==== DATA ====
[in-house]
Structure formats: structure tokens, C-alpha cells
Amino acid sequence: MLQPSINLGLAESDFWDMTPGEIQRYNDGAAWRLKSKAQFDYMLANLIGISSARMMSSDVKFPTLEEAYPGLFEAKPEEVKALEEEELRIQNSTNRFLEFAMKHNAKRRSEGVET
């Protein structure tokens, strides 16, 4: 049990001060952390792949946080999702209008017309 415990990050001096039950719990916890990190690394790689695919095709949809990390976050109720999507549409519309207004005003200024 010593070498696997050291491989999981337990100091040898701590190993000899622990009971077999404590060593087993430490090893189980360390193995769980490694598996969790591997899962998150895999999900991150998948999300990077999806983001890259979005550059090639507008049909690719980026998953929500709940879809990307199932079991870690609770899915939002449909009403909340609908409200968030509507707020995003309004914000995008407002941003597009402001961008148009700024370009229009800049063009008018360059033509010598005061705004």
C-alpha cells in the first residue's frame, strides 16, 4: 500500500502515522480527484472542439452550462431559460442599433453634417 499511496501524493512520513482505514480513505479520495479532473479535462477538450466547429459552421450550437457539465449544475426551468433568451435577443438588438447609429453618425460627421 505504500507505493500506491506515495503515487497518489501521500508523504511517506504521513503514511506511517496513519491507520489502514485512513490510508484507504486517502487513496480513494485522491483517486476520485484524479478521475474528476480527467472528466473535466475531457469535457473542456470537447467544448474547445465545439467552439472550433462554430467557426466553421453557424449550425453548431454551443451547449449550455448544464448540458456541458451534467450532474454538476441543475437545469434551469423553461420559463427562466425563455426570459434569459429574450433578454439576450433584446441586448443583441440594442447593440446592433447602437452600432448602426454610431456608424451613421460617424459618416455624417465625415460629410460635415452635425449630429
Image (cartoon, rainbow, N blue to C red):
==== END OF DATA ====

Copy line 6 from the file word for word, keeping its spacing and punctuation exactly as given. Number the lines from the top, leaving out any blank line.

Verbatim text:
Image (cartoon, rainbow, N blue to C red):